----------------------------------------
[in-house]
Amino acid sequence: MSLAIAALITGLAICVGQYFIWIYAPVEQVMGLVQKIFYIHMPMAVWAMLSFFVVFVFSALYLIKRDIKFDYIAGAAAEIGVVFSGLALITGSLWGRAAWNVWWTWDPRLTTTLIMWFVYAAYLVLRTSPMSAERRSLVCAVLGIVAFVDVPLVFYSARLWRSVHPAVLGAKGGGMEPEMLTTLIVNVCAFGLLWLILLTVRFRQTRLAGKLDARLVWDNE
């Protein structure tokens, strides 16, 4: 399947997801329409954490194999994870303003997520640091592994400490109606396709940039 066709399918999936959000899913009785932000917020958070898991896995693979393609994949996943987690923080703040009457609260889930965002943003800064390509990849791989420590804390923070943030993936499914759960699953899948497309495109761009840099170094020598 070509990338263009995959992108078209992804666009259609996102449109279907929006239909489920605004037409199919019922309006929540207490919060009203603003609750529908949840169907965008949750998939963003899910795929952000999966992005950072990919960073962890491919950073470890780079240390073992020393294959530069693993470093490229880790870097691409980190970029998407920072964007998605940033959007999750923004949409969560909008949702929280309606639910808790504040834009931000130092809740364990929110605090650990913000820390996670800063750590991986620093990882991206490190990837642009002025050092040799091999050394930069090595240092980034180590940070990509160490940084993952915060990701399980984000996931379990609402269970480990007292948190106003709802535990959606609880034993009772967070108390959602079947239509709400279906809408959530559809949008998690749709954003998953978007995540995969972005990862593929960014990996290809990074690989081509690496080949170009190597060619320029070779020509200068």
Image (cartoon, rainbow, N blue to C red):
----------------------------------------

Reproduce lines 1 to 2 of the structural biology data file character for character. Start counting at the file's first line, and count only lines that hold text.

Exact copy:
[in-house]
Amino acid sequence: MSLAIAALITGLAICVGQYFIWIYAPVEQVMGLVQKIFYIHMPMAVWAMLSFFVVFVFSALYLIKRDIKFDYIAGAAAEIGVVFSGLALITGSLWGRAAWNVWWTWDPRLTTTLIMWFVYAAYLVLRTSPMSAERRSLVCAVLGIVAFVDVPLVFYSARLWRSVHPAVLGAKGGGMEPEMLTTLIVNVCAFGLLWLILLTVRFRQTRLAGKLDARLVWDNE